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03 July 2019

Radiopacity of luting cements: decrease after aging?

Lara Figini

Longevity of the prosthetic restoration  is important and depend on several factors, such as the type and degree of adaptation of the prosthetic restoration, previous preparation of the tooth, and the type of cement used.
The selection of cement should be guided by the complexity of each case and by the physical and biological properties of the materials. The radiopacity of luting cements is  very important in radiographic diagnosis and follow-up, because it allows differentiation between cements, dental structures, and secondary carious lesions. Crucial is keep over time the correct radiopacity of the luting cements.     

An in vitro study, published in the Journal of Prosthodontic in December 2018, the authors evaluated the radiopacity of various luting cements submitted to different aging procedures. The authors prepared twenty discs (1 × 4 mm) for each of the following prosthetic luting cements: Zinc phosphate, RelyX Luting 2, Variolink 2, AllCem, RelyX U200, Multilink, Panavia F2.0 e RelyX ARC.
The specimens were then randomly divided into two groups (n = 10 / group), according to the aging procedure used:

group A: in which the samples were submitted to thermocycling;
group B: in which the samples were kept in water. 

Before and after aging procedures, samples were subjected to radiographic examination. Radiopacity was assessed by optical density, which was measured using ImageJ software. The values ​​were converted to aluminum millimeters with a logistic regression calibration curve. The data were analyzed by means of ANOVA and post-hoc Tukey tests (α = 0.05).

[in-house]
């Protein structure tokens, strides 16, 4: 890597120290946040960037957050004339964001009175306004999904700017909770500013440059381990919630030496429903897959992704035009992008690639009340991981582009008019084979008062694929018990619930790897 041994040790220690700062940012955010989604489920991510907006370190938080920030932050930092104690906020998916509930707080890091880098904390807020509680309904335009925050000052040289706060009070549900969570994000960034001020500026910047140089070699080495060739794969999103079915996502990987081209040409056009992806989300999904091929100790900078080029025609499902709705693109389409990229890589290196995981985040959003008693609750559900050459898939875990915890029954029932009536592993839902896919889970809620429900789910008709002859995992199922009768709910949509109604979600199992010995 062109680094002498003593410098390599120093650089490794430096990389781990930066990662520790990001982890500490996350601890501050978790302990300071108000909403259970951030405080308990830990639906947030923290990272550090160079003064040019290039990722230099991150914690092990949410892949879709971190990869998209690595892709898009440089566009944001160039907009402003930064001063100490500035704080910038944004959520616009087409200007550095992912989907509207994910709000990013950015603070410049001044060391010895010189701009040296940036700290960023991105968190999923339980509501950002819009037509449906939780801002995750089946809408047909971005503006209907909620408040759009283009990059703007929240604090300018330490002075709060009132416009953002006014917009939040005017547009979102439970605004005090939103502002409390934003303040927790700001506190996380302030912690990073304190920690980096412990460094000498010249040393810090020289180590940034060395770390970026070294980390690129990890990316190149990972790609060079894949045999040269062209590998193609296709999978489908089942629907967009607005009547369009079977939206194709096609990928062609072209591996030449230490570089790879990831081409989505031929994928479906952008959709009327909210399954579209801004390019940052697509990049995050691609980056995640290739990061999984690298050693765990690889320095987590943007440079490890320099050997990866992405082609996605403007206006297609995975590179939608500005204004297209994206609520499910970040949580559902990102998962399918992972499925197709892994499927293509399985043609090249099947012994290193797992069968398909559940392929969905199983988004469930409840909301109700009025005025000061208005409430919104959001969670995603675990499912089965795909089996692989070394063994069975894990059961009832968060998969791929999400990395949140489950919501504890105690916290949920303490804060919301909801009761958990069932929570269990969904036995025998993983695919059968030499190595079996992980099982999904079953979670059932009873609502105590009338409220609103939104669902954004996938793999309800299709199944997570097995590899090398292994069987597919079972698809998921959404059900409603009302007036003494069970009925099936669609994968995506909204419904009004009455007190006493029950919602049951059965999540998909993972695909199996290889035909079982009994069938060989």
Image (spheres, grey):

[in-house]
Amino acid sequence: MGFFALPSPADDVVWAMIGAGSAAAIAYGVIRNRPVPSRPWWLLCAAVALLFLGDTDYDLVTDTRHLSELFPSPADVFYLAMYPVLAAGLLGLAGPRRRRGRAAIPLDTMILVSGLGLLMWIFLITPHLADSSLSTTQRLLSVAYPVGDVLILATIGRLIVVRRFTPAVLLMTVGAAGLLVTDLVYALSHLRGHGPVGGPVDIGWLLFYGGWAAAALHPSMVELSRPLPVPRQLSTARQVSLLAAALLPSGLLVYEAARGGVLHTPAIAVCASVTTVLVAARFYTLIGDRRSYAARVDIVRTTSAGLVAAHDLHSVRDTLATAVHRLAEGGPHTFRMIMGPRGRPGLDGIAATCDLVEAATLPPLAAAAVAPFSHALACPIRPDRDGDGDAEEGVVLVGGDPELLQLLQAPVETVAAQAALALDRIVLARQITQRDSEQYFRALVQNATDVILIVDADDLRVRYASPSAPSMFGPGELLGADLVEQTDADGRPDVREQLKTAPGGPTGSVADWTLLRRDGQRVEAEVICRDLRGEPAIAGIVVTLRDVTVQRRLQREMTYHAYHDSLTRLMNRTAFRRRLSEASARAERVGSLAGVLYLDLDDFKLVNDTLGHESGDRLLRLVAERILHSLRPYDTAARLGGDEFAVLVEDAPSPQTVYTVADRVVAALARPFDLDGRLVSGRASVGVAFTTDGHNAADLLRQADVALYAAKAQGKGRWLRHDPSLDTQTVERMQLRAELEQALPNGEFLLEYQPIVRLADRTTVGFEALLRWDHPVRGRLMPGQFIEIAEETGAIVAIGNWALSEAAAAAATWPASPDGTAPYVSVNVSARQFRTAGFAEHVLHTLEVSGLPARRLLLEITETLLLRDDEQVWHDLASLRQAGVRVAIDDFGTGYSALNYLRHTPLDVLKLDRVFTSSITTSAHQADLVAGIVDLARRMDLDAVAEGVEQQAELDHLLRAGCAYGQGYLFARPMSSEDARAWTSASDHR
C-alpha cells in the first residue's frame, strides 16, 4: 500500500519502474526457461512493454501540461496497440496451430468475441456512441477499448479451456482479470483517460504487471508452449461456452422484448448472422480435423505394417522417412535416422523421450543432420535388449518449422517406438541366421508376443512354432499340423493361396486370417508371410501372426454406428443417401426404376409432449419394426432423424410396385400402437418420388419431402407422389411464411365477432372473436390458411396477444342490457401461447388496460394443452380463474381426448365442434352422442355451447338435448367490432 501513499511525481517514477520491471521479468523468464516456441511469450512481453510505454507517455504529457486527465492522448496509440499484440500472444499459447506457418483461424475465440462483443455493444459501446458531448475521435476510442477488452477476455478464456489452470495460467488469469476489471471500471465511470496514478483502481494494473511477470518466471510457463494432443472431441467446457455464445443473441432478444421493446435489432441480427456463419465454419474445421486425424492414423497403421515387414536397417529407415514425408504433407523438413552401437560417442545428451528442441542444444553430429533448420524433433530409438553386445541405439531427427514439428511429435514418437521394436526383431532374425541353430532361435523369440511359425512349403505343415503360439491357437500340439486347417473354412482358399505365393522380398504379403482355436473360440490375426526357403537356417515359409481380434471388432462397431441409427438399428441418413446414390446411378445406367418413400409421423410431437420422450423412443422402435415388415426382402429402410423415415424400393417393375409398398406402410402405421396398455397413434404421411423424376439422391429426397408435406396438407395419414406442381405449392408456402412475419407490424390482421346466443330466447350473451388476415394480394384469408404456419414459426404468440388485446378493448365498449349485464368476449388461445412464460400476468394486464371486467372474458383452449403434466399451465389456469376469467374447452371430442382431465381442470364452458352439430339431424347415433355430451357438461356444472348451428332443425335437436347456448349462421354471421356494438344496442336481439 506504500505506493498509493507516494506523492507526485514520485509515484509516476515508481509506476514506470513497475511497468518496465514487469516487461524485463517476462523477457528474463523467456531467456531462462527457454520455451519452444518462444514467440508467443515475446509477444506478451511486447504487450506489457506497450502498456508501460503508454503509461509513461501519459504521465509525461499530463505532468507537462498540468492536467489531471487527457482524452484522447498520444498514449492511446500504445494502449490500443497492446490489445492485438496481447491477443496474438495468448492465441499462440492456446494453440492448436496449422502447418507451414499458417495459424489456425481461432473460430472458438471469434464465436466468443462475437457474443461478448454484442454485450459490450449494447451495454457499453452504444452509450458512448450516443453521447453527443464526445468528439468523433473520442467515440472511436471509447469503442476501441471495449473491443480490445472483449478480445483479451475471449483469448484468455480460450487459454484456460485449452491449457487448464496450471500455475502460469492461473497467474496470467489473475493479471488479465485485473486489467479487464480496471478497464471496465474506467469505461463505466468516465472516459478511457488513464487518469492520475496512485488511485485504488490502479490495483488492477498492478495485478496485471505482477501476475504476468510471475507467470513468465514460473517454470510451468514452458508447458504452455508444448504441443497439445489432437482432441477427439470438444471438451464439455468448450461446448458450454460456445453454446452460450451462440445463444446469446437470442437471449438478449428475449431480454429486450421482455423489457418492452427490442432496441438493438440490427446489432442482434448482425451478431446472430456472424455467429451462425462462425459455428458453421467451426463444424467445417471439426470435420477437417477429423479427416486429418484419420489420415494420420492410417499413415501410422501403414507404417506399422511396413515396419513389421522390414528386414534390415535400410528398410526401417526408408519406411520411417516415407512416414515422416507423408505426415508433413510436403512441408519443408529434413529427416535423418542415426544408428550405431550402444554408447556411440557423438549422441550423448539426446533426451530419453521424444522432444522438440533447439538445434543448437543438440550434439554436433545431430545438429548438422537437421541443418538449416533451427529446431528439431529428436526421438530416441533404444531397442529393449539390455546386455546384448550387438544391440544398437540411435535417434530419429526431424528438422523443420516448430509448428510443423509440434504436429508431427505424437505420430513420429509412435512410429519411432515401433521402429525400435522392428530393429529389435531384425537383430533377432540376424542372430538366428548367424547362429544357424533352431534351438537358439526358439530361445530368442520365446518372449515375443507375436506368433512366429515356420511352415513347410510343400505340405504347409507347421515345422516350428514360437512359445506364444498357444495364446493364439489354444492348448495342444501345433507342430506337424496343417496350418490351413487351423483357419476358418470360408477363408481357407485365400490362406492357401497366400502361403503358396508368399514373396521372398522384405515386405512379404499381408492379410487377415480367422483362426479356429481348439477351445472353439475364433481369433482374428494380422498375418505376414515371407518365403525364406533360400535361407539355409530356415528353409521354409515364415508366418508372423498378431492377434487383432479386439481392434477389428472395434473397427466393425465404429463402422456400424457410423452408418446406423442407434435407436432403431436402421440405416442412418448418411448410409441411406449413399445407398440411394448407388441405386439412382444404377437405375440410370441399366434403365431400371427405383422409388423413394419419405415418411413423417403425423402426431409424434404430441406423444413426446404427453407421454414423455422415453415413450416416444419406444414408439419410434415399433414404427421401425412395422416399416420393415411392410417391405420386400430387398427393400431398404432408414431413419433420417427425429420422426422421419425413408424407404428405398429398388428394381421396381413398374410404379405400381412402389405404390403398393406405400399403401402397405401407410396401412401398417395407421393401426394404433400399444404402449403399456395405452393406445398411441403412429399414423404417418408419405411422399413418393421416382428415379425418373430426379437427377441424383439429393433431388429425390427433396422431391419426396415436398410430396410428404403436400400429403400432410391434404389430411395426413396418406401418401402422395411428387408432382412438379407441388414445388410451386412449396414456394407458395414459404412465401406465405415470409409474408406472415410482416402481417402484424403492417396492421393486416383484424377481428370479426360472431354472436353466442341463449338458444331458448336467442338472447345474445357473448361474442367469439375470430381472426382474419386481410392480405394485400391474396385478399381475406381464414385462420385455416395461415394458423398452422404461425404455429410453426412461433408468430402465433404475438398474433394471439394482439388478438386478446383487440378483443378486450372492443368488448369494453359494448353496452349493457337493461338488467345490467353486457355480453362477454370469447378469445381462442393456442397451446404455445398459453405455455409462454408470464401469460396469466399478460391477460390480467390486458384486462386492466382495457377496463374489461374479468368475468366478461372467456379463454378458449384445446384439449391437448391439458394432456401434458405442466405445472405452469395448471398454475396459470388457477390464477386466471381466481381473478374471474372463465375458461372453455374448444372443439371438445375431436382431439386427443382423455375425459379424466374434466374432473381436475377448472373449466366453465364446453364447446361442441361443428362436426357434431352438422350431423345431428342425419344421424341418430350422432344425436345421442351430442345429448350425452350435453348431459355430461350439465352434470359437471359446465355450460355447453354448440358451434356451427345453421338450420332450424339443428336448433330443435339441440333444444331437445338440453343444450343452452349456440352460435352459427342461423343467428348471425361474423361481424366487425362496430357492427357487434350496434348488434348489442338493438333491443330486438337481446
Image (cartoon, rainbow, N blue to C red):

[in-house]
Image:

In the group A  RelyX Luting 2, RelyX U200 and PanaviaF2.0 showed a statistically significant reduction in radiopacity (p <0.05).
In the control group B all  cements showed a significant reduction of radiopacity (p <0.05), and RelyX Luting 2 and Panavia F2.0 performed below the desired ISO 4049 standard.

From the data of this in vitro study, which must however be confirmed by other in vitro and similar clinical studies, it can be concluded that the radiopacity of luting cements decreases after aging, especially after 1 year water storage.           

The clinician should hold in consideration the loss of radiopacity for luting cements during  follow-ups, for the differentiation between cement, dental structures and secondary carious lesions. 

For additional informations: 
Evaluation of Radiopacity of Luting Cements Submitted to Different Aging Procedures.

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